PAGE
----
ELEC extended the filing deadline for nonprofit entities to November 30, 2007. The vote was 2-1 in favor of keeping nonprofits in the disclosure law and for extending the deadline.

UPDATE: Here is the Attorney General’s opinion.

Perception Trumps Reality: 2006 Business Entity Annual Disclosure Statements To Become Public on October 10

In little less than a week, the 2006 Business Entity Annual Disclosure Statements filed with the New Jersey Election Law Enforcement Commission (ELEC) for calendar year 2006 will become public. The disclosures are expected to be available for public inspection on ELEC’s website ( on Wednesday, October 10, 2007 at 10:00 am. Continue reading

What Happens to Nonprofit Organizations that have filed 2006 Business Entity Annual Disclosures with ELEC?

On Tuesday, September 25, 2007, the New Jersey Election Law Enforcement Commission (ELEC) temporarily suspended the obligation of nonprofit organizations to file a 2006 Business Entity Annual Statement with the Commission by the September 28 filing deadline. (The Commission will consider whether nonprofits are subject to the annual disclosure requirement at its October 23, 2007 meeting.)

In light of this late-breaking change, what can a nonprofit do if it has already filed its 2006 Business Entity Annual Statement with ELEC? Continue reading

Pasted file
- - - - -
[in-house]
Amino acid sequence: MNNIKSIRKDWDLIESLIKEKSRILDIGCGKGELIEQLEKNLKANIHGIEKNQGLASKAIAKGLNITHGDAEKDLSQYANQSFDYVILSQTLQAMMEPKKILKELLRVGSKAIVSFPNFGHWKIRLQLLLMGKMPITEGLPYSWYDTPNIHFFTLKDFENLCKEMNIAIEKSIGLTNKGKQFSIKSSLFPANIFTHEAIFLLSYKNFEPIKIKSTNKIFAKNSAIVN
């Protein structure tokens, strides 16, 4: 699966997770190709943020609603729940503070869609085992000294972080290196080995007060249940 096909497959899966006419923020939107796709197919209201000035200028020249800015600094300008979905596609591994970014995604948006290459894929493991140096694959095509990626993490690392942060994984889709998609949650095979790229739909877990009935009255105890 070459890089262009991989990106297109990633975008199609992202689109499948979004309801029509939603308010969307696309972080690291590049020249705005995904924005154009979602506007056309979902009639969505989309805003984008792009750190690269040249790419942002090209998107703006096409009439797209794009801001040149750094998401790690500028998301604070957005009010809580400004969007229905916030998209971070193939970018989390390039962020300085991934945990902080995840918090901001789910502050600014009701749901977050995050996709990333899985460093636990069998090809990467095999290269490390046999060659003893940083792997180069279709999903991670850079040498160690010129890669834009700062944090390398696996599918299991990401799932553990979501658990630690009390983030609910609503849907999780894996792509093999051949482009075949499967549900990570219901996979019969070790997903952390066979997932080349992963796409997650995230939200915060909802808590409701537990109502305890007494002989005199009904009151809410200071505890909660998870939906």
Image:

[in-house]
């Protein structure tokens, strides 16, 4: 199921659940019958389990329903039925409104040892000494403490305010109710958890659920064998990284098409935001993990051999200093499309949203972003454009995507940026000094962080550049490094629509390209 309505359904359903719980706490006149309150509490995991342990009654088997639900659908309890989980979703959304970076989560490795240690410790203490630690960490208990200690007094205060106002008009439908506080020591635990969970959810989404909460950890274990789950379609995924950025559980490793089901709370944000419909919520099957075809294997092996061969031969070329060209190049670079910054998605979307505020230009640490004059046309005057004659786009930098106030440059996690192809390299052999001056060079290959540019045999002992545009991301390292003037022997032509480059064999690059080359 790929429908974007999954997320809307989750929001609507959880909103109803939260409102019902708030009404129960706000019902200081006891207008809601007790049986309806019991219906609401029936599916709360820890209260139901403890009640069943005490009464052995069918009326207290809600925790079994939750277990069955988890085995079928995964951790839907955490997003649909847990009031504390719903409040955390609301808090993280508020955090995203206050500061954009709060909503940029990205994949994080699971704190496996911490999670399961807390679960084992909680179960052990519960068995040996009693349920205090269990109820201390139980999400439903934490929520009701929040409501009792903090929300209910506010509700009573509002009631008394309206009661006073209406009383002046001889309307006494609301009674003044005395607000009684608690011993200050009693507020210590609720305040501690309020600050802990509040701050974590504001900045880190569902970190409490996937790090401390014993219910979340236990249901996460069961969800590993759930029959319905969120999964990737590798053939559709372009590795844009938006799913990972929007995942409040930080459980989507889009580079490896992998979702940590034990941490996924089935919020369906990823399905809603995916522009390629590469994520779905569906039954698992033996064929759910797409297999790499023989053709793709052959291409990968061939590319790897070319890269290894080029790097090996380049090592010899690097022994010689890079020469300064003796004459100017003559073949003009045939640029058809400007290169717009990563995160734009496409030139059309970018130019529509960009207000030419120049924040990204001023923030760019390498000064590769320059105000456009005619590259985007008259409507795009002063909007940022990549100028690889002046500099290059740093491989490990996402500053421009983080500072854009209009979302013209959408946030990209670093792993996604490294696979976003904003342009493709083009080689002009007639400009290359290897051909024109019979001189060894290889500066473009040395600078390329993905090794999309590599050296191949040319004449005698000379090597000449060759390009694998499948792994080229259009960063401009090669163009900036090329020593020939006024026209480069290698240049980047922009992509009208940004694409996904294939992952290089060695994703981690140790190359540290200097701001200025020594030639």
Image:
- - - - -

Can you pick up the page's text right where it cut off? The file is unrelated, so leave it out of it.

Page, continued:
Breaking News: Temporary Reprieve for Non-Profits

Business entities that are non-profit organizations have at least an extra month to prepare their pay-to-play (P2P) disclosure reports, and ultimately may not be required to report at all.

The New Jersey Election Law Enforcement Commission (ELEC) announced today that it will reconsider its regulations that include non-profits organizations within the definition of “business entity” and suspend the September 28 filing deadline for non-profits only. ELEC anticipates receiving at its October 23, 2007 meeting an opinion from the State Attorney General whether or not inclusion of non-profits within P2P annual disclosure requirements is legally correct. If ELEC concludes that non-profits remain subject to the disclosure requirements, their 2006 reports will be due October 30, 2007.

The Attorney General opinion was requested by the State Treasurer and Department of Community Affairs, which earlier had indicated on their respective websites that nonprofits were subject to P2P reporting.

The ruling does not affect for-profit business entities, which remain subject to the September 28 deadline.

Chapter 271 Disclosure: Tip # 7

3 days until disclosure.

Here’s a tip: Statements filed for calendar year 2006 will be available for public inspection on the Commission’s website after the filing deadline and on a date to be determined. In other words, your competitors will know if you haven’t filed a report.

The penalty for failing to file a disclosure report depends on how much a business entity fails to report.

Even better: the next section of ELEC’s regulations provides instructions on how to file a complaint against someone who hasn’t filed.